The Moabites and Ammonites who switched to worshipping the god, Chemosh.

    1. TRENT says:

      excellent, that’s why it pays to read for oneself.

  3. Gene Conradi says:

    In the Scriptures, Lot was considered a righteous man. Note 2 Peter 2:7,8:” And He(Jehovah) rescued righteous Lot, who was greatly distressed by the brazen conduct of the lawless people(in Sodom)….for day after day that righteous man was tormenting his righteous soul over the lawless deeds that he saw and heard while dwelling among them.” (NW)
    l

  4. Terri Main says:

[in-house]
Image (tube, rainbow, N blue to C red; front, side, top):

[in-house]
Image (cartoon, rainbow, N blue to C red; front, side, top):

I think we want very simplistic views of everything as evil v. good. We see it in modern politics. They aren’t just wrong they are bad. But most of us make bad choices out of good intentions. We don’t intend to do badly, we just choose poorly. Maybe we want Lot to be evil because we can ignore that he did what many of us would have done, chosen the good land. If he is evil, his misfortunes lay in his evil intent (which of course, I don’t have) not in making a bad choice that any of us might have made.